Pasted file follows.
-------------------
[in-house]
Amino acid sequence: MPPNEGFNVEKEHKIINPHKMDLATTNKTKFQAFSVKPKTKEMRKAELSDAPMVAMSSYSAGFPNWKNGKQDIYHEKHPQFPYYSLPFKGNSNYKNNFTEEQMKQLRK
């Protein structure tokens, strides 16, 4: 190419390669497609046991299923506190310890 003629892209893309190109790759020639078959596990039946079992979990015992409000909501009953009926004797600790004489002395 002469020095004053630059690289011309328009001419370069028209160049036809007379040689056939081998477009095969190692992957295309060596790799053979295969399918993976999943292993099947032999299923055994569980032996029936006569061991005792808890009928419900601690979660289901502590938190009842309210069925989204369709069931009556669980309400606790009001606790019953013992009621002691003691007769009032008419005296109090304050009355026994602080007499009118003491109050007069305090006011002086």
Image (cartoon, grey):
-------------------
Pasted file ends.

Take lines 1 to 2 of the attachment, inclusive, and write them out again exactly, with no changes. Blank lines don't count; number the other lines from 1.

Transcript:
[in-house]
Amino acid sequence: MPPNEGFNVEKEHKIINPHKMDLATTNKTKFQAFSVKPKTKEMRKAELSDAPMVAMSSYSAGFPNWKNGKQDIYHEKHPQFPYYSLPFKGNSNYKNNFTEEQMKQLRK